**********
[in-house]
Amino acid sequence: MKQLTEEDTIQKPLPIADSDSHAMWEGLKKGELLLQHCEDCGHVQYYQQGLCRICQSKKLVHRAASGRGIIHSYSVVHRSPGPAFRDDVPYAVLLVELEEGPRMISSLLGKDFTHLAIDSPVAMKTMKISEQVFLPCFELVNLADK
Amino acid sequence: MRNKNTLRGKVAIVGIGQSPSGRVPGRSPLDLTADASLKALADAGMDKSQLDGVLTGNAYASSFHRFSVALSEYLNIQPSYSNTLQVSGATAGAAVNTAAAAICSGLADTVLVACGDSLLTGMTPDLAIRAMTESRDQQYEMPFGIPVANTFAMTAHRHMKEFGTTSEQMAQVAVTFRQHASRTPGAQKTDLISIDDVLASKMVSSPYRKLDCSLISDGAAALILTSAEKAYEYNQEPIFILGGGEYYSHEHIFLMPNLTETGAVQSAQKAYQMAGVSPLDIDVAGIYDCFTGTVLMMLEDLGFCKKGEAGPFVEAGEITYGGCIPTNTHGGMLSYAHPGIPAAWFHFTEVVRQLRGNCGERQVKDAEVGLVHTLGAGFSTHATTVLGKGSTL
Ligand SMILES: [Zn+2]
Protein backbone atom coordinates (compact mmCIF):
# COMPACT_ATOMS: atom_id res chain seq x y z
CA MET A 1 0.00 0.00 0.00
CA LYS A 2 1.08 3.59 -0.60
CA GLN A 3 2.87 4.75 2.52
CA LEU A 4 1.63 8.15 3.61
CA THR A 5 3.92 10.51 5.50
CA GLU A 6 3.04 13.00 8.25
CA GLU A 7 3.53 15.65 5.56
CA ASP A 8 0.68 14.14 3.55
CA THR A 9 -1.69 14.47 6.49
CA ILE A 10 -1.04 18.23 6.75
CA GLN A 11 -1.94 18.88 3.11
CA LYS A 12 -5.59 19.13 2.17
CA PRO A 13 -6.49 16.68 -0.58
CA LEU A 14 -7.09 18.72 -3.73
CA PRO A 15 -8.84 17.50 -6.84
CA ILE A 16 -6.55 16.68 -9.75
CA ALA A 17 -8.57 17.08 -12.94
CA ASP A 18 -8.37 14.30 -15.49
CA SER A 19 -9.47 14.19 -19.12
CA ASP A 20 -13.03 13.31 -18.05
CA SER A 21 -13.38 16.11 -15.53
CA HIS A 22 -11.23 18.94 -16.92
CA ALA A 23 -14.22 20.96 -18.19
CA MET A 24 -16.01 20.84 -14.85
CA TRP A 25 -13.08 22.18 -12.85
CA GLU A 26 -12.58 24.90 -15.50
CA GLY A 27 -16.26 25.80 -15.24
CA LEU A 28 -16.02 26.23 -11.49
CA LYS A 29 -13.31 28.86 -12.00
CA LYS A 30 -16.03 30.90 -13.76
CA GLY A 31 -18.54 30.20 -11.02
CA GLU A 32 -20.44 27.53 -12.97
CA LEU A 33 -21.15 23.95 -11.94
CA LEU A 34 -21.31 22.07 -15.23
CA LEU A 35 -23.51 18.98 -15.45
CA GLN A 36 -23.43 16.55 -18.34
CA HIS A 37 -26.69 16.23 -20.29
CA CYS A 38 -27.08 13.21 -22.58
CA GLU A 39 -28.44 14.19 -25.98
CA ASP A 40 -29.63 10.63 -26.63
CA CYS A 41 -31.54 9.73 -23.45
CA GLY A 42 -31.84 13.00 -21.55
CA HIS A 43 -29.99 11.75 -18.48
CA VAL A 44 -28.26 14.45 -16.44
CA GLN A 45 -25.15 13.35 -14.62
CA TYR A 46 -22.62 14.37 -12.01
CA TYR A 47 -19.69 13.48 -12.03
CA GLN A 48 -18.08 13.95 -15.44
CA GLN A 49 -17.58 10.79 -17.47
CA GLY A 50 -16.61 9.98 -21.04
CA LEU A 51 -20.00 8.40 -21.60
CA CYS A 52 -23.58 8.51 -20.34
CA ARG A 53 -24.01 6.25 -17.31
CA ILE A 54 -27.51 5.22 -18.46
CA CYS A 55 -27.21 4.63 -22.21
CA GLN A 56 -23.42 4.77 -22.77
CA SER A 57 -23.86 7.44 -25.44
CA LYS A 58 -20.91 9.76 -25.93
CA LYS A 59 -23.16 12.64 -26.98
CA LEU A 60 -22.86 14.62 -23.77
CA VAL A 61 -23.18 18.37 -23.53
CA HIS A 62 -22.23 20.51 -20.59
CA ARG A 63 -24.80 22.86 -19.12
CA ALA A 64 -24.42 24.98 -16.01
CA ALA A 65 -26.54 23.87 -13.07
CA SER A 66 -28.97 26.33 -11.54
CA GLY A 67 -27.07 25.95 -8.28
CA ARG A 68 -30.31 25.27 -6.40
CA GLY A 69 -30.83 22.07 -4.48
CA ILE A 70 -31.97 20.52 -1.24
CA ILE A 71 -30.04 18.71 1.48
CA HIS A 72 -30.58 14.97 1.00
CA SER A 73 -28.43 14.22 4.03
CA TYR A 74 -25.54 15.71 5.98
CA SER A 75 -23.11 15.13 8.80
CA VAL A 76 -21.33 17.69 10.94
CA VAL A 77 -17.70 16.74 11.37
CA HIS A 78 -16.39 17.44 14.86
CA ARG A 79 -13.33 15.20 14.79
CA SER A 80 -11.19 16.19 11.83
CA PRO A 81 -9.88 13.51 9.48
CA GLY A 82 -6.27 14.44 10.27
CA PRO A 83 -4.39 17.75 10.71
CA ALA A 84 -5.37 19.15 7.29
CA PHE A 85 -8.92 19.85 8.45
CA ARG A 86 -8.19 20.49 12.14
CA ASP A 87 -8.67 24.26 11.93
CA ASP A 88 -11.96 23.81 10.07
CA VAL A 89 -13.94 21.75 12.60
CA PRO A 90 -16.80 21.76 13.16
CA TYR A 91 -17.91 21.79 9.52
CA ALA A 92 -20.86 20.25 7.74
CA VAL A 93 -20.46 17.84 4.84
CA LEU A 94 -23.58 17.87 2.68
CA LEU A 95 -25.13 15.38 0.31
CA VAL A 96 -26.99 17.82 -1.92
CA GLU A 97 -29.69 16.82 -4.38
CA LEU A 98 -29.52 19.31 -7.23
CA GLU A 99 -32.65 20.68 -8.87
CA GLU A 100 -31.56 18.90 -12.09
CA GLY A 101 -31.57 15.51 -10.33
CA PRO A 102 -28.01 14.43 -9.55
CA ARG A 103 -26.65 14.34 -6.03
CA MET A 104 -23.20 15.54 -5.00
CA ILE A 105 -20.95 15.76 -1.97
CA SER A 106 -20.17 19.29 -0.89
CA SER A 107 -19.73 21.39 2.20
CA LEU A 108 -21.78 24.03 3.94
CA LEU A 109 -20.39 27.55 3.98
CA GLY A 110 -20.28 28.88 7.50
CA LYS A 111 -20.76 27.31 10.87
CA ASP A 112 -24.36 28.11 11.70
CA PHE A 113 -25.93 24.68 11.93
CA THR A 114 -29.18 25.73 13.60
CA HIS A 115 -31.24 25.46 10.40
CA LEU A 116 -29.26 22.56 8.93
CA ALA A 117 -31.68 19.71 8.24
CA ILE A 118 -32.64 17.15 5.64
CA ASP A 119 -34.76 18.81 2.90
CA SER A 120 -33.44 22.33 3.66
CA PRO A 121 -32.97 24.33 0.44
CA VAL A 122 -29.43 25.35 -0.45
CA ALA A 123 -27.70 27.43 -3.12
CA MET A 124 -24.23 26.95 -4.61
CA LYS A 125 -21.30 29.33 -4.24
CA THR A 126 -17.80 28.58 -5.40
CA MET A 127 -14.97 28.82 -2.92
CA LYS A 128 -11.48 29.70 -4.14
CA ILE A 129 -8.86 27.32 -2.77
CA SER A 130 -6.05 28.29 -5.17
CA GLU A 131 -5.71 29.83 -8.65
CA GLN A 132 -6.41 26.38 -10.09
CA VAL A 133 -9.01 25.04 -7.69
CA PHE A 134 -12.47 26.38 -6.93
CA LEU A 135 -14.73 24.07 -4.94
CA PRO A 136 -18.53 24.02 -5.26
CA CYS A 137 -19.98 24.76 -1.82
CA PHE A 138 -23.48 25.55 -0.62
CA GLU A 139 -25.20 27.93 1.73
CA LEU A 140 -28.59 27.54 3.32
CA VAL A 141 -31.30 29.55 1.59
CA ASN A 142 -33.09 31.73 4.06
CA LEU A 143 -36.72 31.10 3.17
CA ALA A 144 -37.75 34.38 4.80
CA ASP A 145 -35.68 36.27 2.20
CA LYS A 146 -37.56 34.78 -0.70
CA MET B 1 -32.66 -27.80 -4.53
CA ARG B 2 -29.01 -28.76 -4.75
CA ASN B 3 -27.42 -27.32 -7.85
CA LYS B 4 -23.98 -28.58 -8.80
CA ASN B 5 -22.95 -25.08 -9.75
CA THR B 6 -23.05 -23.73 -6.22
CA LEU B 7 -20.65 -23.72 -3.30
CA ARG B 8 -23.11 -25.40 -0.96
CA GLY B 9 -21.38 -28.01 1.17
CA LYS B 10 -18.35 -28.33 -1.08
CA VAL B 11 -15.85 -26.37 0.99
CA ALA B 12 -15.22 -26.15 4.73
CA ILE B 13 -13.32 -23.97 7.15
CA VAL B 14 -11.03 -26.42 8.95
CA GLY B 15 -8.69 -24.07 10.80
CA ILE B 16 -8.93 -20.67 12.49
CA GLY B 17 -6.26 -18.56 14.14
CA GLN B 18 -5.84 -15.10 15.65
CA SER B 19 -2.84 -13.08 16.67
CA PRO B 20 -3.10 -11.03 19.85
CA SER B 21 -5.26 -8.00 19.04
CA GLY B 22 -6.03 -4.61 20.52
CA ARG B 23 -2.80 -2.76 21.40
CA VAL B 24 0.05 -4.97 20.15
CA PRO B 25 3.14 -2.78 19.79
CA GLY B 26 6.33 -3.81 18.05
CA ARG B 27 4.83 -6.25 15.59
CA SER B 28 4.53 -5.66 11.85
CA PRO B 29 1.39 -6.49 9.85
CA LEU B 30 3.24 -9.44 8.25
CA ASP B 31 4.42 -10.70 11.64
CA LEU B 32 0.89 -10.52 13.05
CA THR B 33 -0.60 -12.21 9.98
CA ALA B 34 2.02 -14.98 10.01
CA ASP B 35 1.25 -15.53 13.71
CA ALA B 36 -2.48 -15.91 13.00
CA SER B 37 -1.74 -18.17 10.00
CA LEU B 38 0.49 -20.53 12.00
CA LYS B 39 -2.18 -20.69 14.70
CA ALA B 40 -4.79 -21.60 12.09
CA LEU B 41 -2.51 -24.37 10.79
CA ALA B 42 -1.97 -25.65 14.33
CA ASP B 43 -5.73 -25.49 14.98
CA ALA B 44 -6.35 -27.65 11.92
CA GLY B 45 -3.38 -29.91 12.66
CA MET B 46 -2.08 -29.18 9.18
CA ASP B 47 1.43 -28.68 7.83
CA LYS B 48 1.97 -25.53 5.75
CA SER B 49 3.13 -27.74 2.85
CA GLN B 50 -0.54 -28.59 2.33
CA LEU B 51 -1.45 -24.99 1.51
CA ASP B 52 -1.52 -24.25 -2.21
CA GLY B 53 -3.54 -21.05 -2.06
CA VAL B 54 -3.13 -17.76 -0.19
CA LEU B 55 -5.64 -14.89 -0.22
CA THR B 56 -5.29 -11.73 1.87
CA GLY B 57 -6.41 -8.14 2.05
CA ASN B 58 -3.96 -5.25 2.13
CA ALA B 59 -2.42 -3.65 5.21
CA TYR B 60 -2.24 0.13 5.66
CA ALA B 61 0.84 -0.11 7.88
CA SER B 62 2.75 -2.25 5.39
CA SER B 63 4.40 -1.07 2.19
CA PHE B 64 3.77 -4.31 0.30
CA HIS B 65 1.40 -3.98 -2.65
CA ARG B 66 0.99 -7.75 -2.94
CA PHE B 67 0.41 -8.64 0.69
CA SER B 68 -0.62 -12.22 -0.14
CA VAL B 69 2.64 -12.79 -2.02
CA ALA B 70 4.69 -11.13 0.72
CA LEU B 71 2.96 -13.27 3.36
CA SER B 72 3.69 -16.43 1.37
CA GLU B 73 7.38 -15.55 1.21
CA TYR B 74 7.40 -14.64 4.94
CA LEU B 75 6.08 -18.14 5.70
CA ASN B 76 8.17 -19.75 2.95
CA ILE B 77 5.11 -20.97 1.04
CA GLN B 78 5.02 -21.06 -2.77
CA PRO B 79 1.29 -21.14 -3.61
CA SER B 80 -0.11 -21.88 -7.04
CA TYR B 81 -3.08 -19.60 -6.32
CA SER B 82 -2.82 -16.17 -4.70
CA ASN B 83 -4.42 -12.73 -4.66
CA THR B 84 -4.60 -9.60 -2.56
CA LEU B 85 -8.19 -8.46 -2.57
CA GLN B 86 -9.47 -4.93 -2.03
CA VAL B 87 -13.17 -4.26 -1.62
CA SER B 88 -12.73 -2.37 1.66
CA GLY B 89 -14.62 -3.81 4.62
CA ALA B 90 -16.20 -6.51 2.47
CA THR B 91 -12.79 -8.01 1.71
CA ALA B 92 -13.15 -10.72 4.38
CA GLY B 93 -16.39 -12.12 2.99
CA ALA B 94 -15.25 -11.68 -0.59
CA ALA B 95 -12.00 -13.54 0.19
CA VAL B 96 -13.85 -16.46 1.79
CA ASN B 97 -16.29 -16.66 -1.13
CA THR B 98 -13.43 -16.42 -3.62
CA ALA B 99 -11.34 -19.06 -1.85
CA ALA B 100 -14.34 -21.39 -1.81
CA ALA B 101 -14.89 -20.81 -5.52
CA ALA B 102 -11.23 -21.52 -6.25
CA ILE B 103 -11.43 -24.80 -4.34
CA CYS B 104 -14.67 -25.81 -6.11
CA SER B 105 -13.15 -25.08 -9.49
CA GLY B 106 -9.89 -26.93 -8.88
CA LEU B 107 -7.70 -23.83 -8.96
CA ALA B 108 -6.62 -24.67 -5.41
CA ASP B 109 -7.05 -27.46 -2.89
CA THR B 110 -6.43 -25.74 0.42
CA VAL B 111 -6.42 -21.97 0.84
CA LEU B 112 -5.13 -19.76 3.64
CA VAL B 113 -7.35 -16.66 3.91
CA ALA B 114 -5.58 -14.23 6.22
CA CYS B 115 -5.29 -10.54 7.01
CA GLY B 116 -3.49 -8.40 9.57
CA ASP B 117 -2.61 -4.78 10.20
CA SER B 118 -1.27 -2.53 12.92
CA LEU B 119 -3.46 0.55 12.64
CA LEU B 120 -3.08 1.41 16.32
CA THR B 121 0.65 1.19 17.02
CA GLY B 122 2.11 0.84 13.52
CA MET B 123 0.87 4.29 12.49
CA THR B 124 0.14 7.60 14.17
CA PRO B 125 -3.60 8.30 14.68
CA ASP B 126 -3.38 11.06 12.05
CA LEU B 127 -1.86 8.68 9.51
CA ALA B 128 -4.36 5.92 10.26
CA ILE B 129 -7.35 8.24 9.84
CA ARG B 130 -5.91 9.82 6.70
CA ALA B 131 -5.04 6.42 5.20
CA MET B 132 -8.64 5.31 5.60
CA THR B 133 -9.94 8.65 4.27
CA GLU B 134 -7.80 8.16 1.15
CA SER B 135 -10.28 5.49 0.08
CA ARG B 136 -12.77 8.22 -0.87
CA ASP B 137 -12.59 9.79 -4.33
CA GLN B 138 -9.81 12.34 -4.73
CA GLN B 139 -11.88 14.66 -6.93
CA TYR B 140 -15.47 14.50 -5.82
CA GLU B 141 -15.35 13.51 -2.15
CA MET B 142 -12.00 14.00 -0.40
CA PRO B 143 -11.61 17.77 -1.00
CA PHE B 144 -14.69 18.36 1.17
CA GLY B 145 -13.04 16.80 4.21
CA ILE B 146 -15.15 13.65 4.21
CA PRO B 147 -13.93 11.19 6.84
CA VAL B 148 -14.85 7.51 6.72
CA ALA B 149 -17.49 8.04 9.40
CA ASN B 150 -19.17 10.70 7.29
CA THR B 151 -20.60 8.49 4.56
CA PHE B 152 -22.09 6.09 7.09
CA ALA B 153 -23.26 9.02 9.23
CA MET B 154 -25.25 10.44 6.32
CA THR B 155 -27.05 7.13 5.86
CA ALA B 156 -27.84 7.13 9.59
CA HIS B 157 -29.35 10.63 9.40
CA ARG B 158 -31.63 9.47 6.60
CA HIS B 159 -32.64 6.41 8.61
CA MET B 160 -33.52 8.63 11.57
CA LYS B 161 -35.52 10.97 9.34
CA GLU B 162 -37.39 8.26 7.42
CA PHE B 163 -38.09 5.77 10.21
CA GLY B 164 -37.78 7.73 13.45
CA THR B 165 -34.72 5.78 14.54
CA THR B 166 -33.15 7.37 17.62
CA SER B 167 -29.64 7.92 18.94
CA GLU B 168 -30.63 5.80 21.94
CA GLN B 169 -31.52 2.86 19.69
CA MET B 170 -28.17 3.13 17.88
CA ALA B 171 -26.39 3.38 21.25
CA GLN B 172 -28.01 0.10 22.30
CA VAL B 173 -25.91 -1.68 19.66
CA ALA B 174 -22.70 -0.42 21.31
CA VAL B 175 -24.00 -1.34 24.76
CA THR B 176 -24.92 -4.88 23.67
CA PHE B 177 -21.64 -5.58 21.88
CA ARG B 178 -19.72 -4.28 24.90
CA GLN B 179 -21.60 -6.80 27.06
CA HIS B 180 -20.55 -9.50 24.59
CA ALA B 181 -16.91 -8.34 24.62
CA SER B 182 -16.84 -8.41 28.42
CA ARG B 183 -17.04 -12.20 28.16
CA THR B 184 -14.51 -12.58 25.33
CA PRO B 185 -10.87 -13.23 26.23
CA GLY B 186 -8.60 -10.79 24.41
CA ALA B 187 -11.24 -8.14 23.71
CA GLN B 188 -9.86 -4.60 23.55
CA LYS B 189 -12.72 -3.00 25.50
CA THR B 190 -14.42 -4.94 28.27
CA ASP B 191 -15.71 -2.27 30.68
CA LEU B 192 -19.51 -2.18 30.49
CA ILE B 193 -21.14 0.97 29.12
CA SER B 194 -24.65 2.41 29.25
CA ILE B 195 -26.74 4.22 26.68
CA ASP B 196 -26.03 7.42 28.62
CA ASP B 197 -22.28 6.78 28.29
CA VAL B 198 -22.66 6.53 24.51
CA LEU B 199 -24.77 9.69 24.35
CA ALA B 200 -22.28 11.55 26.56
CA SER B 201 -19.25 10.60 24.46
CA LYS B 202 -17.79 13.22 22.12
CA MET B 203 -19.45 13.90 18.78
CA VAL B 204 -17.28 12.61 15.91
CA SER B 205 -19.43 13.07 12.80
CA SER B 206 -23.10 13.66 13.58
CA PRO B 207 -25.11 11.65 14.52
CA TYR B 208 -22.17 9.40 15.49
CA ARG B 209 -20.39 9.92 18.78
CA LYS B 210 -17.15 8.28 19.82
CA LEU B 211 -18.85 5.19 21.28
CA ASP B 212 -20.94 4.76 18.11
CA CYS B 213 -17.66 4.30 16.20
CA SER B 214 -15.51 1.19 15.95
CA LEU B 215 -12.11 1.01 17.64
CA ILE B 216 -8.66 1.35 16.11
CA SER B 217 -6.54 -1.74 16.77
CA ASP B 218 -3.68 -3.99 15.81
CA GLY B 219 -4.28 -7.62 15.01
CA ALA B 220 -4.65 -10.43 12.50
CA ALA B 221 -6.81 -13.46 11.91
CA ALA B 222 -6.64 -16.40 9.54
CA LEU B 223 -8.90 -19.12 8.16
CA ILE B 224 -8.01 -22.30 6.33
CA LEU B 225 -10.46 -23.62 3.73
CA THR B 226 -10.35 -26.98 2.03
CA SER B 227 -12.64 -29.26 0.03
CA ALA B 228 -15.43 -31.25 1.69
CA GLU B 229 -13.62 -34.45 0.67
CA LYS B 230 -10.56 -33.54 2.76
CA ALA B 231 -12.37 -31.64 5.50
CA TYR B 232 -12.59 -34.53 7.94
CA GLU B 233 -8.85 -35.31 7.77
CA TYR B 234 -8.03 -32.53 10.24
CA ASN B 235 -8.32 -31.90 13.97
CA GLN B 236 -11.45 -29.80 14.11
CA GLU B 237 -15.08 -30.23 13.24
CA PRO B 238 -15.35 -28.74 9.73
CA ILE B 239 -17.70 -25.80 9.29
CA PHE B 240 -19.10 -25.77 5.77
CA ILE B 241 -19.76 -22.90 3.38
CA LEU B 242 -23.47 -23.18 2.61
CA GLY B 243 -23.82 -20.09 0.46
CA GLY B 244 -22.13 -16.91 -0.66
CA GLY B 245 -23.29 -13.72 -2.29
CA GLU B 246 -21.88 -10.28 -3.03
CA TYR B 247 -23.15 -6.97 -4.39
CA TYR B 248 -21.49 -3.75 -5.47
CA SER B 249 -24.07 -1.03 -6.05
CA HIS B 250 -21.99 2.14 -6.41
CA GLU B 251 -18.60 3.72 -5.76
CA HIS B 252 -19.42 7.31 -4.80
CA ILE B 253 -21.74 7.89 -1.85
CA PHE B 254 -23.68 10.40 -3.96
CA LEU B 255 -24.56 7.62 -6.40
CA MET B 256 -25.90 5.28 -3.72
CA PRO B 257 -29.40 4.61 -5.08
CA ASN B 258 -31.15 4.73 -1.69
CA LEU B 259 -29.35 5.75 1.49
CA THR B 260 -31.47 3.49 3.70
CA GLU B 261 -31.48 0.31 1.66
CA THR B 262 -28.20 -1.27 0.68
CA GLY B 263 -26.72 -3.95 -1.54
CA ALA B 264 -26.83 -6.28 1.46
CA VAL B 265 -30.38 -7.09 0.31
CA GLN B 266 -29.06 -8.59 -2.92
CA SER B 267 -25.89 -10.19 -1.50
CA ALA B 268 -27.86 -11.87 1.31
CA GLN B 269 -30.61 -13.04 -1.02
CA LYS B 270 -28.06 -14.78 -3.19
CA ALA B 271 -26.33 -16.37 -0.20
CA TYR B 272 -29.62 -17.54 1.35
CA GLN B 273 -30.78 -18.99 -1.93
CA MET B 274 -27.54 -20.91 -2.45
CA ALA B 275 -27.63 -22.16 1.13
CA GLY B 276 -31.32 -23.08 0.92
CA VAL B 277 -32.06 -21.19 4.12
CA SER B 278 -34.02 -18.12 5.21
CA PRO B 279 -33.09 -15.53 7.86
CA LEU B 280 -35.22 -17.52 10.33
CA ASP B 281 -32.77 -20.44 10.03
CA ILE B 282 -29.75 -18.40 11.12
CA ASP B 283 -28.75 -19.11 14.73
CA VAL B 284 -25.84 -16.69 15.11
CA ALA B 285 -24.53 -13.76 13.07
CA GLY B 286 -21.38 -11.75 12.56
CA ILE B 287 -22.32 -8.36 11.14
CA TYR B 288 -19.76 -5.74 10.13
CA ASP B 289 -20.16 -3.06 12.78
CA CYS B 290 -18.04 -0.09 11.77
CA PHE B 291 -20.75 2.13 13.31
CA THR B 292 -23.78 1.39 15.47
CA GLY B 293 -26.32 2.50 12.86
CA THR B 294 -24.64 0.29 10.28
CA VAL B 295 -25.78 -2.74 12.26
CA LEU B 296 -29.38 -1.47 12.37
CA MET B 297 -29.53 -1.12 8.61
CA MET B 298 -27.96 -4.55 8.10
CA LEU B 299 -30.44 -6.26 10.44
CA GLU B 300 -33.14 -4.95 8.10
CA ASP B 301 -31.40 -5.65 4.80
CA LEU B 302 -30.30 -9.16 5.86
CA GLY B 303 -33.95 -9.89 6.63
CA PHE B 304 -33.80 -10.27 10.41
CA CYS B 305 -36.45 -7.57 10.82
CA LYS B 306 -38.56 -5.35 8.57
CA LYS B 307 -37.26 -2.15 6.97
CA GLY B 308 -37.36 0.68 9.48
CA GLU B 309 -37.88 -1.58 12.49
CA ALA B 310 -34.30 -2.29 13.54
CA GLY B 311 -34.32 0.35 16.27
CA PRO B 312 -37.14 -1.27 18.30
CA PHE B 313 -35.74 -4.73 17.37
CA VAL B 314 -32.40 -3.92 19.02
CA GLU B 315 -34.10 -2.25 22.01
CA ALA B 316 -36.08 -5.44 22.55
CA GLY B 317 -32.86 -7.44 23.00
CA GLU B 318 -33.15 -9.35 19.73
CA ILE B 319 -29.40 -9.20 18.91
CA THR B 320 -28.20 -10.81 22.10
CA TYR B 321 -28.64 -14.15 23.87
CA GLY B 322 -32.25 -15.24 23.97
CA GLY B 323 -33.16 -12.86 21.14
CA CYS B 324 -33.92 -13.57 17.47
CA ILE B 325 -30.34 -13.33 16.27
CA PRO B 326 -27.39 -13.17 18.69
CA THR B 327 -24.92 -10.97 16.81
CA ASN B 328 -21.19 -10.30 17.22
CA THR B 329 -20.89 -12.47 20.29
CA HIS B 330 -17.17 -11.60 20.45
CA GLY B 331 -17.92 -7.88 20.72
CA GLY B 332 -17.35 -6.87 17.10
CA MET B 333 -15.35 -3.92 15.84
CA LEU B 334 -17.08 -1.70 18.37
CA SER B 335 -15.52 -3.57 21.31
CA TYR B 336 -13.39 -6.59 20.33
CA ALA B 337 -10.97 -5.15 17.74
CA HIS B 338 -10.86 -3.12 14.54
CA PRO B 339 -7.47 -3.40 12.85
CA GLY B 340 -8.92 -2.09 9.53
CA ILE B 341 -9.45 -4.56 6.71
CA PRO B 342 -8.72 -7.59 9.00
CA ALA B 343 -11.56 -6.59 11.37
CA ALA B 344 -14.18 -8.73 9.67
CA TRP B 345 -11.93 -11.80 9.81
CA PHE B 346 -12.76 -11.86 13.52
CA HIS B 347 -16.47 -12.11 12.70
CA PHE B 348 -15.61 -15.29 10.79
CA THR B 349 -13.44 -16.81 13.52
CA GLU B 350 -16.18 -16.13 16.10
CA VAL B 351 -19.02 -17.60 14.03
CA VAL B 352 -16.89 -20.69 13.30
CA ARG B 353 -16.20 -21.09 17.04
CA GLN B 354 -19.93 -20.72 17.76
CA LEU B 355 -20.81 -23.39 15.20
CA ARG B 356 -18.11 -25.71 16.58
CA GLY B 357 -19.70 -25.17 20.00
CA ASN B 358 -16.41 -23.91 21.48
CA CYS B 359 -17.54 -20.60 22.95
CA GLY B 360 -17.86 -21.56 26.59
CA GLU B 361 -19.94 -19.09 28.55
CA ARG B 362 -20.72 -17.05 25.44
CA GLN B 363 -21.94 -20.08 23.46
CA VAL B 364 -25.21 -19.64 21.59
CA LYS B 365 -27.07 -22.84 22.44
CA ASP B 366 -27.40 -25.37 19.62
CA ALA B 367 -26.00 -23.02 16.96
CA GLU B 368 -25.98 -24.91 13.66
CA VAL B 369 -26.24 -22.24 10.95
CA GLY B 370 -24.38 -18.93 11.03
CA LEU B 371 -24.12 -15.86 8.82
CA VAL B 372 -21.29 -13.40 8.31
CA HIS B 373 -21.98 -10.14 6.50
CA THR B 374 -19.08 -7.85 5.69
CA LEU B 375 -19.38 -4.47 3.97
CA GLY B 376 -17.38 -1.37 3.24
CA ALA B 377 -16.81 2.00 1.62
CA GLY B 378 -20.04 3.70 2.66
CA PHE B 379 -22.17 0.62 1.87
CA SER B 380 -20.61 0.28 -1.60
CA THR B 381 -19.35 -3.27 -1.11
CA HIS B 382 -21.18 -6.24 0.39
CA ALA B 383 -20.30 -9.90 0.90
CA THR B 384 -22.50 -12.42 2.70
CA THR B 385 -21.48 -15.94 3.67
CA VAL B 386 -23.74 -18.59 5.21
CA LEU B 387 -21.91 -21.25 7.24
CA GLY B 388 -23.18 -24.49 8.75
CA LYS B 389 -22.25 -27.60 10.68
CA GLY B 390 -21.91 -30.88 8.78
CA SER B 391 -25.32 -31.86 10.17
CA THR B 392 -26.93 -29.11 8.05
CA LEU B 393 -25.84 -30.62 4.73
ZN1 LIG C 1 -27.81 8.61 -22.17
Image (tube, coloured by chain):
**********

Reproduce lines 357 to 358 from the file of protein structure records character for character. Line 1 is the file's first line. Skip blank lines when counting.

CA SER B 205 -19.43 13.07 12.80
CA SER B 206 -23.10 13.66 13.58